I listened to two podcasts this morning that gave two very interesting perspectives. I'm now trying to reconcile them.
First was On Point with Tom Ashbrook. It was an episode about the movie that premiered at Sundance -- The Linguists. They included the statement:
Most of what humans know isn't written down anywhere. It's simply in people's memories. (Timestamp - 6:30)Second was Escape Pod with Stephen Ely. It was the most recent episode -- Artifice and Intelligence. A fairly standard story about an emergent, sentient AI with the statement:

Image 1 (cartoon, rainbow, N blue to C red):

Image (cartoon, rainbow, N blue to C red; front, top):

He could create a convincing imitation of an artificial intelligence, with access to the sum of human knowledge online... Edgar believed a ghost driven AI could operate on the same level as a real machine intelligence. (Timestamp - 4:05)Here are the questions that I'm wrestling with:
- How would an AI parse all of the conflicting information online to develop a comprehensive picture of 'human intelligence'?
- A machine wouldn't have access to all our daily offline activities that give our lives context. Even with all the information posted to the Internet, how well would an AI be able to converse with humans?
- Does the adoption of more 'conversations' mean we are providing more context for a future AI entity to learn how to be more human?